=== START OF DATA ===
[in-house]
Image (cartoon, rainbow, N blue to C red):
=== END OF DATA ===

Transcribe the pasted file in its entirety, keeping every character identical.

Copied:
[in-house]
Image (cartoon, rainbow, N blue to C red):